Early Harvard History recorded in Eight College Books
Three hundred and seventy years ago, at a meeting of “the Governors of Harvard College” on December 27, 1643, a coat of arms for Harvard was established. Recorded in the minutes is a pen-and-ink drawing of a shield defined by three open books with the motto “Veritas” inscribed on the pages – the origin of the iconic symbol still in use today.
College Book 1, the volume in which this emblematic shield first appears, is one of eight such compilations of the earliest records of Harvard in the collections of the Harvard University Archives. All eight College Books, which document Harvard from its founding in 1636 to 1827, were recently digitized as part of an ongoing project to improve access to the Archives’ 17th and 18th century collections, in conjunction with the Colonial North American Project at Harvard University. The Archives has created a detailed finding aid for the College Books with links to the digitized content: http://nrs.harvard.edu/urn-3:HUL.ARCH:hua53010
Other highlights include:
- College Book 3, which provides an extensive record of Harvard’s real estate holdings in Cambridge as well as throughout New England. This volume contains plans of Harvard Yard, as well as several drawings of plots of land owned in other Massachusetts communities, including Dorchester, Lunenberg, Townsend, and Fryburg (now Fryeburg, Maine).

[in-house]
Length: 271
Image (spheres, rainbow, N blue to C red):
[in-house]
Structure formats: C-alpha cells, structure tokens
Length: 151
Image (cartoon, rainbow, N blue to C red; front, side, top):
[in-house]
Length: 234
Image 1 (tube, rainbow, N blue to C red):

- College Book 7, which covers the years 1750 to 1778, documents the effect of the Revolutionary War on the College. Included are Corporation meeting minutes describing a request that Harvard’s treasurer, John Hancock, relinquish his Harvard duties as he is detained by “the Congress at Philadelphia” (April 10, 1775) and plans for the relocation of the College to Concord (November 7, 1775).
Please contact the Archives reference staff at firstname.lastname@example.org for more information about access to this collection.